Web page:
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Intersection Column | The Unexpected Summer

by Rachel Hauck

Every summer, the cousins on my mom’s side gather for four days in eastern Tennessee. We laugh, take walks and naps, share a food table, play games, and spend a day pontooning on the lake. This long weekend has become a cornerstone for my summers. This year was our tenth “camp” together.

This year, however, was the unexpected. Before the gathering, my older brother suffered a serious injury. He was airlifted to a hospital in another city for emergency surgery. My husband and I drove to be with him. The three of us would not make the reunion this year. Summer suddenly looked very different.

While my new book titled The Best Summer of Our Lives launched, my husband and I watched over my brother or texted with family members who came to relieve us for a spell. Another brother, my sister, and I spent long days by his side, helping him with small needs, listening to nurses and doctors, asking questions. We laughed, played a game of cards, and had sweet moments with Jesus when we prayed and sang. At one point, when my brother was able, I sat by his bed and listened as he shared from his heart. It is a moment I will never forget. I consider it a highlight of my life.

While I missed the family gathering, the Lord gave me something greater.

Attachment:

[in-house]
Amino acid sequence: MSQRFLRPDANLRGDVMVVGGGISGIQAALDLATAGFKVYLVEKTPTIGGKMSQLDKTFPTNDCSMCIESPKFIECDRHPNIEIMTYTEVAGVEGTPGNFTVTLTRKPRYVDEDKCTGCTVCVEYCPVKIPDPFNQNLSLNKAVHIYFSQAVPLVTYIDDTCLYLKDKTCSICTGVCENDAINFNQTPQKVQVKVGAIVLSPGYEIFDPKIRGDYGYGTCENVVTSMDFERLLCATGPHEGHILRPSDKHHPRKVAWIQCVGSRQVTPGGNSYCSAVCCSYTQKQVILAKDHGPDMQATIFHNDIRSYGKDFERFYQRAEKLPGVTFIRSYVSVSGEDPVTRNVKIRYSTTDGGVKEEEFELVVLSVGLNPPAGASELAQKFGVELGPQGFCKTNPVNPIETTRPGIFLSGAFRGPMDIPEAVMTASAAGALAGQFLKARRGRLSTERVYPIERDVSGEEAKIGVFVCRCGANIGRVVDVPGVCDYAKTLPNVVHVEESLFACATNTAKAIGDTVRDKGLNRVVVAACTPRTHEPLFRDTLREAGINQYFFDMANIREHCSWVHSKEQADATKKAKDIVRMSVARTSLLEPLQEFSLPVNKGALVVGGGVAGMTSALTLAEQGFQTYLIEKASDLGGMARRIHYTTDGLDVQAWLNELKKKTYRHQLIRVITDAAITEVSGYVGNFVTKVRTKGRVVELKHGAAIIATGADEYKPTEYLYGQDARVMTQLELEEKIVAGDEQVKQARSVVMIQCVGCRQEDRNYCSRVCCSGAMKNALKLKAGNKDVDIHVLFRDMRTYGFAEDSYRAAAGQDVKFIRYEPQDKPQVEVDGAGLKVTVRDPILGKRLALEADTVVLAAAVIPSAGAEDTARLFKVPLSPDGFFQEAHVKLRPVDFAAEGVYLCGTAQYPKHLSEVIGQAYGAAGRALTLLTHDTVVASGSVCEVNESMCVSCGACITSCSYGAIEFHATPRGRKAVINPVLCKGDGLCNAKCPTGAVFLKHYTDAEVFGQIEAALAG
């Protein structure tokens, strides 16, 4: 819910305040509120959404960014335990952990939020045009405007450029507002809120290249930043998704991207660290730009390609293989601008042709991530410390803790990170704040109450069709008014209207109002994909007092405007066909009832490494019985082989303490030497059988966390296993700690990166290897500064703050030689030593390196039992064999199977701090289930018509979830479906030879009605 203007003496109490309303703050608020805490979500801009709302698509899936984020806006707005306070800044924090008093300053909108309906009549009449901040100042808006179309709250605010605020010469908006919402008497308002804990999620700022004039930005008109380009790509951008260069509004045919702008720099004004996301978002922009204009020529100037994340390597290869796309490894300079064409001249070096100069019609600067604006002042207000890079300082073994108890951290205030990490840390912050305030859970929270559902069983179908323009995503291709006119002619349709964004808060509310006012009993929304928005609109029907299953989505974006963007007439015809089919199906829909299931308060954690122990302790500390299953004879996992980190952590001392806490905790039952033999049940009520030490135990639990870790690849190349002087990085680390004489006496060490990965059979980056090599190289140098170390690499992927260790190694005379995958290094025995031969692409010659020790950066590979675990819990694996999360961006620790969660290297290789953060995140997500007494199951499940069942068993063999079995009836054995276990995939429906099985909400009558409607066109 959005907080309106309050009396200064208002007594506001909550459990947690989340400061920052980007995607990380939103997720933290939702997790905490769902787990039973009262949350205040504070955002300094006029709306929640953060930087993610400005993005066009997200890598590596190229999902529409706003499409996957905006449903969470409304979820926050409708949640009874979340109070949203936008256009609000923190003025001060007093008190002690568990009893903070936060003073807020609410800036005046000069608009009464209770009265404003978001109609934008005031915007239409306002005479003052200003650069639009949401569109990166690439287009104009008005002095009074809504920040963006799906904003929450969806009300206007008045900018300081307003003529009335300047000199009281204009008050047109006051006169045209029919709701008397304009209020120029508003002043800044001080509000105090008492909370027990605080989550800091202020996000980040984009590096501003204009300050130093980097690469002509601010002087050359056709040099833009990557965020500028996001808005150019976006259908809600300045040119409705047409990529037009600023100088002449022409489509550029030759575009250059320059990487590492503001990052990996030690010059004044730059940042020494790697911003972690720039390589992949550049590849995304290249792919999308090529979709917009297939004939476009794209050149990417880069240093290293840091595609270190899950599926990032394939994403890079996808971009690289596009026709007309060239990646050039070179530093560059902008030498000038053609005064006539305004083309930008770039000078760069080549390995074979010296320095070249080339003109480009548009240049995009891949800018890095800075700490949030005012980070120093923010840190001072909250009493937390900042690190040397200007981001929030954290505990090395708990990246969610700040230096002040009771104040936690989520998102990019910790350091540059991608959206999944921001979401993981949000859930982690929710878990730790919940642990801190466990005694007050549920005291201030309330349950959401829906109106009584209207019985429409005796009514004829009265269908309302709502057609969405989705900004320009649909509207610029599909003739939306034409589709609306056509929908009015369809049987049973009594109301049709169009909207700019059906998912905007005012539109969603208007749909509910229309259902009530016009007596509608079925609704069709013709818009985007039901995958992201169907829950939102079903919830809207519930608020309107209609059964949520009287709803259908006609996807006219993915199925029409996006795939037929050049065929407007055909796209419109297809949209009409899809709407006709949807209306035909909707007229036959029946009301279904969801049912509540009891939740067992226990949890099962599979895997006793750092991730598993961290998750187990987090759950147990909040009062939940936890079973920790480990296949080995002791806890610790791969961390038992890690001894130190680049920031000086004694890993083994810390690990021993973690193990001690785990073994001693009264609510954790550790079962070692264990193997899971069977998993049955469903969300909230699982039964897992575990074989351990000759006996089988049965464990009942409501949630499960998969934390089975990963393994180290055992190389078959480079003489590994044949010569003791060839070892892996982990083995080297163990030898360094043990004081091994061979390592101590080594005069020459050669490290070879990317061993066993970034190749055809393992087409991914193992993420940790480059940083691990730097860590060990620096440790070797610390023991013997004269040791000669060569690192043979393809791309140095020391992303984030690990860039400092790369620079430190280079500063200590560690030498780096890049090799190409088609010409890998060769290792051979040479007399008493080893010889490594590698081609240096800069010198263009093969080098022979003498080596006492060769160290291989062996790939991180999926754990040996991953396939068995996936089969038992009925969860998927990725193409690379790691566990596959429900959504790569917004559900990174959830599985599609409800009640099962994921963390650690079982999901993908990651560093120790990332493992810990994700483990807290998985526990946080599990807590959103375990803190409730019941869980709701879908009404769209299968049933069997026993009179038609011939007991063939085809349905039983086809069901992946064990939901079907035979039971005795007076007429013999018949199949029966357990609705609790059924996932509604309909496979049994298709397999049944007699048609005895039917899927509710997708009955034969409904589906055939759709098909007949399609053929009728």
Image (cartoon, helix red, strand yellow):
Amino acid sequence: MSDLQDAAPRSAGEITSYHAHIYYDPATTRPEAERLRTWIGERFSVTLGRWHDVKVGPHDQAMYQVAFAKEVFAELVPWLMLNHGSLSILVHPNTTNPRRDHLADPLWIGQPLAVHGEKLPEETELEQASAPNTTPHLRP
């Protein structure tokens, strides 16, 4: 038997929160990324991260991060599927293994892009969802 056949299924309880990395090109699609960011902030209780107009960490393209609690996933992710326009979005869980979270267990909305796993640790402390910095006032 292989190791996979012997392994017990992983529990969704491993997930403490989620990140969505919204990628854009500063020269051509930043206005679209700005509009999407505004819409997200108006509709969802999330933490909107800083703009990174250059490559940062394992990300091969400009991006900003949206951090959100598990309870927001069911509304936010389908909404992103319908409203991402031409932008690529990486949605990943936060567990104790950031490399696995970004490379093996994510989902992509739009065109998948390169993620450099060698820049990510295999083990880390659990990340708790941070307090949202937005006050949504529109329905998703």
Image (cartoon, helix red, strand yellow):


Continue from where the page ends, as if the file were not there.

We can’t help but imagine what good will come from a new job or relationship, but sometimes, as we let the Lord lead, we find the best moments and the real treasures come in the unexpected.

When I was sparked with a story idea to explore the summer of ’77, I had no idea what the story would be about, but I dug out my diaries from that year and started dreaming.

Like all books, The Best Summer of Our Lives was a journey. The four protagonists are bound and determined to have the best summer ever between high school and college. It was all planned out.

But our girls get into a bit of trouble, and instead of backpacking through Europe, executing their version of “the best summer,” they load up on a Greyhound bus for a long trek to a girls’ camp in Oklahoma. What they learn—and what we all have to learn—is to see the best moments in everyday life.

Psalm 46 tells us God is our “ever-present” help. He’s not distracted or bored with us. He’s not preoccupied with His number of followers on Twitter. He’s present! He’s aware! He’s the God who sees.

One morning, while I was writing Best Summer, I felt drawn into the main sanctuary. As I opened the doors, I stepped into the Lord’s presence. It was as if He’d been waiting for me.

“We’ve spent a lot of time in this room together, haven’t we?” He said.

I dropped to my knees in tears. “Yes, we have.”

He began to talk to me about the desert seasons, the disappointments and heartbreak we all experience, all the while reminding me He is always with us. We may give up on Him, but He never gives up on us. If you’re in a hard season, choose to go through it with Him.